Zero tariff on importations, a favorable supply chain, and the second largest access to nickel deposits in the region puts the Philippines in the bullseye of the world’s second largest electric vehicle maker, BYD, as a location for an assembly plant estimated to cost $500 million.
The Philippines is one of three locations that BYD is scouting. The other two are Vietnam and Indonesia.
Last January, the Philippine Board of Investments (BOI) announced BYD’s interest in locating a plant in the country, but also said Vietnam and Indonesia are competing for the same space. Earlier reports citing that the Philippines was already the choice of the Chinese EV assembler were not substantiated, though the BOI was already actively assisting BYD in its search for a possible location to locate its multi-billion-peso assembly plant. At the end of 2022, BYD officials visited the Philippines interested in building an EV assembly plant.
BYD is one of several EV brands under scrutiny Fiscal Incentives Review Board (FIRB), an inter-agency body led by the Philippine Department of Finance (DoF) and co-chaired by the Department of Trade and Industry (DTI) collaborating with the Department of Budget and Management (DBM), the National Economic and Development Authority (NDA) and under the Office of the President. Its work is coordinating agencies to grant tax incentives to businesses specially for large scale projects.
Last weekend, CleanTechnica sources at the BOI confirmed a greater interest by BYD to locate in the country after examining in detail the particulars of the ease of doing business here.
The country’s Electric Vehicle Industry Development Act (EVIDA), initially designed to increase the uptake of local vehicle consumption, wooing buyers with incentives, including free parking and vehicle registration perks, has also worked to encourage importers to look at the Philippines as destination of its products and even assembly.
EVIDA has another component that favors setting up and maintaining charging stations, importation of charging station equipment, and vehicle purchase incentives. However, it was not until the issuance of Executive Order (EO) 12 reducing the tariff rates on battery-electric vehicles (BEV) to zero for a period of five years.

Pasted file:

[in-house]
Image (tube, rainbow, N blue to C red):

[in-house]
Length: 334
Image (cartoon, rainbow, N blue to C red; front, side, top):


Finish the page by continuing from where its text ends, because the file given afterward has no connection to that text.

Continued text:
Philippine President Ferdinand Marcos Jr. signed it into law last January 13, starting a frenzy of EV importations and setting up sales outlets or distributorships of mostly Chinese-made electric cars. The law temporarily cuts the most-favored nation (MFN) tariff rates on completely built up (CBU) electric vehicles, but excludes hybrids from the mix.
Nickel reserves in Indonesia and the Philippines account for nearly half the world’s nickel production. Thus, a battery manufacturing plant initiated by Indonesia Battery Corp (IBC) in a consortium led by South Korea’s LG Group will soon be operational. An initial investment of about US$1.2 billion was put in the project, which is expected to operate by the second half of this year and directly source its nickel requirements in the region. Battery makers use lithium iron phosphate in its EV batteries, and BYD, being the largest battery maker in the world, is said to be seriously considering the Philippines for its raw material source.
BYD is already present in the Philippines successfully selling its EVs to a niche but moneyed market. The car distributorship has not relented in its promotion of EVs, and is leading other companies in terms of mix and availability.
Its offerings cover the whole spectrum of vehicle segments and pricing is very competitive to ICE models in each class. However, the lack of a charging station ecosystem is hampering the take up of EVs, but BYD pioneered in setting up charging stations in the areas in which it is most popular.
In 2022, BYD sold a total 911,141 battery-electric vehicles. Comparatively, Tesla produced nearly 1.37 million vehicles and sold 1.31 million of these in the same period. This 47.2% increase in sales was driven to a large extent by the Model 3. BYD, on the other hand, produced a total over 1.85 million plug-in electric cars (BEV and PHEV) globally, which is triple the increase versus 2021 sales of over 597,000 cars, and nearly 400,000 more than Tesla.
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